Category Archives: John Locke

Stephanie DeGooyer, Before Borders: A Legal and Literary History of Naturalisation – Johns Hopkins University Press, November 2022

Stephanie DeGooyer, Before Borders: A Legal and Literary History of Naturalisation – Johns Hopkins University Press, November 2022 An ambitious revisionist history of naturalization as a creative mechanism for national expansion. Before borders determined who belonged in a country and … Continue reading

Posted in Boundaries, John Locke, Uncategorized | Leave a comment

Reading the Classics of Western Philosophy

List below and survey here. The queston asked is how many of these have you read. And the whole of these books, not some, not an abbreviated form. I’m claiming 18 of these, and bits, sometimes substantial, of others. Never read any Sidgwick, Moore, … Continue reading

Posted in Baruch Spinoza, Books, Friedrich Nietzsche, Georg Wilhelm Friedrich Hegel, Graham Harman, Jean Jacques Rousseau, Jean-Paul Sartre, John Locke, Karl Marx, Martin Heidegger, René Descartes, Thomas Hobbes, Uncategorized | 5 Comments

Elden, Gregory, Sevilla-Buitrago in ACME

ACME: An International E-Journal for Critical Geographies, Vol 10 No 2 is now available. It includes the English version of a discussion between me, Derek Gregory and Álvaro Sevilla-Buitrago that was originally published earlier this year in a Spanish translation: … Continue reading

Posted in Books, David Harvey, David N. Livingstone, Derek Gregory, Henri Lefebvre, John Locke, Mapping the Present, Mark Neocleous, Michel Foucault, My Publications, Politics, Publishing, Speaking Against Number, Territory, Terror and Territory, The Birth of Territory, The Space of the World, Understanding Henri Lefebvre, Universities | Leave a comment

Chapter Nine

Chapter Nine is now done. This is the last chapter of the book, which means I’ve now worked through all the chapters in the revision I’ve done while in Seattle. I leave tomorrow. I’ve posted quite a bit about this … Continue reading

Posted in Andreas Knichen, Bogislaw Philipp von Chemnitz, George Lawson, Gottfried Leibniz, Henri de Boulainviller, Isaac Newton, James Harrington, Johannes Althusius, John Locke, Matthias Stephani, Nicholas of Cusa, René Descartes, Robert Filmer, Samuel Pufendorf, The Birth of Territory, Theodor Reinking, Thomas Hobbes, Udalricus Zasius, Walter Ralegh | 1 Comment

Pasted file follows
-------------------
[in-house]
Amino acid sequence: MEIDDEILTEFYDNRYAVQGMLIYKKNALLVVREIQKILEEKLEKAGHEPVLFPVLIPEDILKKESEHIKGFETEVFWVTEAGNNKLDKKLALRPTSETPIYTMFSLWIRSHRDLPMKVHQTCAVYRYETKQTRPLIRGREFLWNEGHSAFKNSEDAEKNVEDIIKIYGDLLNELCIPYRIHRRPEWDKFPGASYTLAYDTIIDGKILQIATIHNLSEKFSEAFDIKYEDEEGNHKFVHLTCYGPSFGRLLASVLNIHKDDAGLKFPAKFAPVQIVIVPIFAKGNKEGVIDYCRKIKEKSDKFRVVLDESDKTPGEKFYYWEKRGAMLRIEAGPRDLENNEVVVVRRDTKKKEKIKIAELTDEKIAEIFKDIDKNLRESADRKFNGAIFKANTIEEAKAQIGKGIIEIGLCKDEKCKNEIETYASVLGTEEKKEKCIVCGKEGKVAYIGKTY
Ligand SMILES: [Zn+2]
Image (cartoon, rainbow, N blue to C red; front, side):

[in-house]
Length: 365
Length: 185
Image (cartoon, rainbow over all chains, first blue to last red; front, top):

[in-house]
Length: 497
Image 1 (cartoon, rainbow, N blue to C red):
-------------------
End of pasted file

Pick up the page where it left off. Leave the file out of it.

Territory book update

Last week felt like a really important step forward with The Birth of Territory manuscript. This week has been less dramatic, but good progress again. The discussion of Grotius and Selden now forms a brief coda to Chapter Seven which … Continue reading

Posted in Hugo Grotius, John Locke, Martin Luther, Nicholas of Cusa, Robert Filmer, Territory, The Birth of Territory, Walter Benjamin | 2 Comments

Locke, land and coercion

From Crooked Timber The standard Lockean case for (propertarian) libertarianism rests on the (universally false) assumption that an appropriation of land leaves “enough and as good” for anyone else. As long as land can be stolen from people who are … Continue reading

Posted in John Locke, Territory, The Birth of Territory | Leave a comment

Terms of Debate

Speaking about Locke, and the way that in constructing his argument as a refutation of Filmer he was able to set the terms of debate in a way that favoured his position, but the general point is worth making: A … Continue reading

Posted in John Locke, Robert Filmer | Leave a comment

Gratton on sovereignty

Peter Gratton replies to two of my recent posts here and here. Both replies have great titles. The first is a discussion of the canon. Peter writes  As someone who wrote an entire chapter on Boulainviller, I’m happy to change … Continue reading

Posted in Boundaries, Gottfried Leibniz, Jean Bodin, John Locke, Michel Foucault, Peter Gratton, Territory, The Birth of Territory, Walter Ralegh | 3 Comments

Reading texts, the canon, and historical access

Having been away for the weekend I feel like the blog debate that has been going on about Derrida and realism has largely passed me by. That’s fine, in a sense, because it’s not something I’m especially concerned with. (You … Continue reading

Posted in Alain Badiou, Gottfried Leibniz, Jacques Derrida, Jane Bennett, Jean Bodin, Jean Jacques Rousseau, John Locke, Michel Foucault, Robert Filmer, The Birth of Territory, Thomas Hobbes | 2 Comments